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Beautiful, isn’t she? A bit soiled from the pressing duties of motherhood but still beautiful.

I always check this tree when I enter the park. Last year half of the tree fell and the remaining trunk sways from the weight of the eagles as they land on its barren skeleton. But they love this perch. That is why I was excited today when I spotted a large bird perched high on that tree. My poor timing would once again prove itself reliable but I decided to post the images anyway. This one is for the children and for the young at heart.

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Days had passed without a good eagle sighting. OK, any eagle sighting is a good eagle sighting but I wanted to see one closer than 1/4 mile away. That is why my pulse quickened as I spotted a large, dark form high on their favorite tree, far across the lake from where I stood! I ran to my car and started driving toward the far end of the lake. As I got closer I could see the dark body and broad shoulders but it soon became obvious that this bird had no head. Well, not much of a head anyway.

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This wasn’t a Bald Eagle at all. It was a Turkey Vulture. I parked my car and approached the bird. “Who are you?” I shouted. “I’m an eagle!” the silly vulture proclaimed loudly.

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“An eagle!?” I asked, “Did you say that you’re an eagle?” “Yep.” he answered proudly, “That’s what I said. Just watch this!”

With that the vulture stood as tall as he could, stretched his wings out as high as he could, and struck a pose that looked surprisingly eagle-like. He held the pose for several minutes as he whispered to himself, “I’m an eagle. A regal eagle.” over and over again.

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Eventually his left foot began to cramp and he had to quit posing. As he stretched out his long toes he looked right at me and asked. “Well, what do you think now? Pretty impressive huh? I told you I was an eagle!”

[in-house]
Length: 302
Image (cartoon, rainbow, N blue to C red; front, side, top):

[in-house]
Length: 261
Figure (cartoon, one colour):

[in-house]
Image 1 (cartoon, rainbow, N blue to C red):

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“Well,” I admitted, “that was a pretty impressive imitation but it was still just an imitation of an eagle.” That answer really ruffled his feathers and he turned away poutingly.

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“Why do you want to be an eagle?” I asked him. Then, in a moment of honesty he replied, “OK. My name is Virgil T. Vulture but I don’t really like being a vulture. I want to be admired and respected like an eagle. After all, I’m balder than they are. (He had me there.) Ever since the American colonists started saying, ‘Give me liberty or give me death’ the eagle has become the symbol of liberty and I have been a symbol of death. Everyone likes liberty but nobody likes death. (He had me there too.) I want to be important.”

“But Virgil,” I argued, “You are important. If it wasn’t for scavengers like you this world would be a very stinky and messy place full of diseases and all kinds of problems! You have a very important job! Every job is important, no matter how small or insignificant it seems. You should be proud to be a vulture and you should try to be the best vulture that you can be. I could never do what you do!” (That may have been one of the most truthful statements that I have ever uttered.)

With that Virgil’s mood lightened. He looked right at me with a blank expression on his face and said, “You know something? I have never thought about it like that before. You are right! I am important! I am Virgil T. Vulture and I am important! Thank you! Thank you very much!”

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As he flew off I could see the smile on his beak and I could hear him singing, “I am a vulture! A regal vulture!” over and over again.

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The End

You know, maybe I spend just a little too much time alone.

Published in: on July 29, 2016 at 6:34 am  Comments (21)  

Again and Again and Again

What comes to your mind when you hear the word “patterns”?

Many may instantly think of a quilt, a bolt of pretty fabric, an area rug or possibly some decorative wallpaper. If we think about it patterns exist all around us, and not all patterns are visible. As I type these words I can hear the consistent “tick-tock” of the grandfather clock that stands across the room and the repetitive song of a robin outside my window.